Ask the Expert – Depression

Featuring Barry A. Hendin, MD
MSAA’s Chief Medical Officer

Headshot of doctor Barry Hendin, chief medical officer for MSAA
Barry Hendin, MD

Question: How does psychological therapy, either alone or in conjunction with medication, make a difference for someone with MS who is experiencing depression?

Answer: This question highlights the fact that there is more than one approach to treating psychological problems. Anyone may experience depression, but this symptom is more common in people with MS. Much of this is biologically determined, meaning that depression in MS is often caused by changes in the central nervous system (CNS), but we’re also aware that situational problems may occur in anyone’s life, including those with MS.

Antidepressant medications from a psychiatrist (or other appropriate clinician) can be very helpful for the biological aspects of depression. But for many people, an additional benefit may be derived from psychotherapy or “talk therapy” with a psychologist or counselor. This psychological support can help individuals to develop strategies to navigate complex situational issues. 

Beyond these professional interventions, there are several things that people with MS are able to do independently. For many, exercise can reduce depression. For others, mindfulness, yoga, or meditation may be helpful. And for everyone, focusing on the other aspects of wellness, which include maintaining a healthy diet and healthy social relationships, can’t be emphasized enough!

Please note that anxiety may occur along with depression and is also more common in the MS population. Many of the approaches to treating depression are also useful in reducing anxiety, but as with depression, this symptom should be diagnosed by a professional and treated accordingly.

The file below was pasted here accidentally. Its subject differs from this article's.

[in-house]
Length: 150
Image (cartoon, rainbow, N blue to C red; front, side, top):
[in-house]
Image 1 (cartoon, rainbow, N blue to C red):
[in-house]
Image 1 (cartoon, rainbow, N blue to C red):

Barry A. Hendin, MD is a neurologist and Director of the Multiple Sclerosis Center of Arizona. He is also Director of the Multiple Sclerosis Clinic at Banner University Medical Center and Clinical Professor of Neurology at the University of Arizona Medical School.

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Ask the Expert – Cognitive Issues

Featuring Barry A. Hendin, MD
MSAA’s Chief Medical Officer

Headshot of doctor Barry Hendin, chief medical officer for MSAA
Barry Hendin, MD

Question: What strategies can you recommend to help with cognitive issues? 

Answer: First, let’s define cognition. Simply, it is all of the processes involved in learning, remembering, and expressing knowledge. It involves how we perceive, how we think, and how we convey knowledge verbally and nonverbally. 

Although many people with MS, and at all stages of MS, express cognitive symptoms or problems, they are generally mild in nature. The most common complaints that I hear involve difficulties in memory, multitasking, learning new information, and processing speed.

Some cognitive changes may be due to MS itself. Often, however, the problems are due to, or are compounded by, other factors such as poor sleep, medication effect, pain, or depression. The first strategy, therefore, is to assess the contribution of mood, pain, medications, and sleep – and then treat them appropriately. 

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Ask the Expert – Numbness and MS

Featuring Barry A. Hendin, MD
MSAA’s Chief Medical Officer

Headshot of doctor Barry Hendin, chief medical officer for MSAA

Question: Does new or increased numbness indicate a worsening of MS, and is this symptom typically permanent, or can it subside on its own?